That would be something you could dine out on. W.C. Heinz deserved more. The Red Smith Award is to sportswriters something like the Oscar for lifetime achievement for actors. The Associated Press Sports Editors hand it out to those who have made "major contributions to sports journalism." They gave the first one to Red Smith himself. In a ridiculous oversight over a couple of decades, the APSE never got around to handing one out to his good friend Bill Heinz. So a couple of years ago, a bunch of sportswriters put together a petition lobbying the APSE to give the award to a writer who had Smith's seal of approval, to a friend of the ol' redhead. The group was something like the cult of "Death of a Racehorse."


Death of a Racehorse (WC Heinz, 1949, NY Sun)
They were going to the post for the sixth race at Jamaica, two year olds, some making their first starts, to go five and a half furlongs for the purse of four thousand dollars. They were moving slowly down the backstretch toward the gate, some of the cantering, others walking, and in the press box they had stopped working on the kidding to watch, most of them interested in one horse.

"Air Lift," Jim Roach said. "Full brother of Assault."

Assault, who won the triple crown ... making this one too, by Bold Venture, himself a Derby winner, out of Igual, herself by the great Equipoise ... Great names in the breeding line ... and now the little guy making his first start, perhaps the start of another great career.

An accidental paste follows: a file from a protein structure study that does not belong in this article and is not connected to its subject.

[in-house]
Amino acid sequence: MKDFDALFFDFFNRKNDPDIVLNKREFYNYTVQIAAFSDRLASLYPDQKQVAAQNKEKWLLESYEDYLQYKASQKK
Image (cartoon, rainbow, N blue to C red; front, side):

They were off well, although Air Lift was fifth. They were moving toward the first turn, and now Air Lift was fourth. They were going into the turn, and now Air Lift was starting to go, third perhaps, when suddenly he slowed, a horse stopping, and below in the stands you could hear a sudden cry, as the rest left him, still trying to run but limping, his jockey -- Dave Gorman -- half falling, half sliding off.

"He broke a leg!" somebody, holding binoculars to his eyes, shouted in the press box. "He broke a leg!" [...]

They moved the curious back, the rain falling faster now, and they moved the colt over close to a pile of loose bricks. Gilman had the halter and Catlett had the gun, shaped like a bell with the handle at the top. This bell he placed, the crowd silent, on the colt's forehead, just between his eyes. The colt stood still and then Catlett, with the hammer in his other hand, struck the handle of the bell. There was a short, sharp sound and the colt toppled onto his left side, his eyes staring straight out, the free legs quivering.

"Aw--" someone said.

That was all they said. They worked quickly, the two vets removing the broken bones as evidence for the insurance company, the crowd silently watching. Then the heavens opened, the rain pouring down, the lightning flashing, and they rused for the cover of the stables, leaving alone on his side near the pile of bricks, the rain running off his hide, dead an hour and a quarter after his first start, Air Lift, son of Bold Venture, full brother of assault.

MORE:
-OBIT: W.C. Heinz, 93; He Broke New Ground in Journalism (Matt Schudel, 3/05/08, Washington Post)
-TRIBUTE: Clack-Clang-Z-z-z-i-i-i-p: Music From a Maestro (DAVE ANDERSON, 3/02/08, NY Times)


Posted by Orrin Judd at May 8, 2008 8:55 AM
Comments

Do they still shoot them on the track like that? I bet not.

Posted by: Twn at May 8, 2008 10:40 AM